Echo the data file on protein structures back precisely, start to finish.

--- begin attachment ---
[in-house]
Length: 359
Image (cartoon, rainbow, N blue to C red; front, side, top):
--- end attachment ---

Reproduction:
[in-house]
Length: 359
Image (cartoon, rainbow, N blue to C red; front, side, top):